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Canadian Government Seeks Comments on Grant Programs

(Sept. 5, 2006) The Canadian federal government is asking nonprofit organizations and other interested parties to submit their comments and opinions about how to make the current system of grant and contribution programs less burdensome and more efficient.

In June, an independent blue-ribbon panel was established to make recommendations on how the existing Treasury board Policy on Transfer Payments could be streamlined and made easier for recipients while still giving the government sufficient control and accountability.

To that end, the panel prepared a consultant paper to provide background information about the current grant process; interested parties then can complete an online workbook with their thoughts and feedback on specific issues.

The deadline for completing the workbook is Sept. 15, 2006.

Paperwork, Reporting and Funding Concerns

The Canadian government has more than 700 grant and contribution programs that accounted for 13 percent, or $24.8 billion, of net federal government expenditures in 2004–2005.

For all such programs, two comprehensive documents must be prepared: a results-based management and accountability framework and a risk-based audit framework. Regular program evaluations must also be completed. These documents, as well as all other policies, apply to all programs, regardless of size and purpose, and there is little differentiation among programs or the needs and capacities of recipient groups.

The consultation paper notes several concerns that the government and those in the voluntary sector have regarding the current grant system:

  • The burden of the audit and increased reporting requirements for all organizations and grants, regardless of size
  • Excessive processing time for applications
  • The need to reapply for funding annual even when a project is multiyear or long-term in nature
  • Recipients of funding from different departments must submit different paperwork to each and may be audited by each
  • A shift away from providing core funding to focusing on specific project-based funding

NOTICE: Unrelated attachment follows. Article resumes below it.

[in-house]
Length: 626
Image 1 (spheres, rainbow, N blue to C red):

• Funding that is sporadic and unpredictable
  • The effort and cost of producing the results-based management and accountability framework and the audit are substantial, and their usefulness and practical to link to other programs is uncertain

Questions to Consider

To address those concerns, the panel is already considering ideas such as program-specific exceptions, tailored control frameworks, special case provisions, multiyear funding approvals and consolidated reporting and auditing processes.

The panel will be speaking with members of the government and grant and contribution recipients to gain feedback and perspectives on these issues. It also will be consulting with nonprofits and regulators in other jurisdictions and countries.

While the panel is interested in hearing comments about any issue related to the grants program, it also has developed a series of specifics for participants to answer:

  1. What is the approximate cost of the administrative processes (application, reporting, audit, evaluation) as a percentage of the dollar value of the transfer payment received? What is a reasonable target for this percentage?
  2. What is the best technique to introduce flexibility into the transfer payments framework in a way that maintains appropriate accountability and control?
  3. How important is transparency of the systems to the application and administration processes?
  4. Is there an opportunity for a web-based application and administration system to decrease the paper burden for recipients of grants and contributions?
  5. What are the challenges to implementing a more integrated application and reporting system that makes effective use of technology?
  6. What are the best practices in Canada or abroad that can provide examples of how the application and administration processes could be improved?
  7. What are the perceived risks to the appropriate use of public funds for this program and its recipients, and which elements of the control framework are most important for mitigating this risk? What percentage of grant and contribution payments has been subject to material misuse in the past decade?
  8. Would another government instrument, such as a tax incentive, a direct service contract or some form of harmonization among levels of government, be more cost effective in achieving the program objectives?

The consultation paper, workbook and additional background information can be found at the independent blue-ribbon panel website.

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